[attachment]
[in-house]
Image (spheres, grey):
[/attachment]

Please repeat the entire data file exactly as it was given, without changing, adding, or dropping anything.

[in-house]
Image (spheres, grey):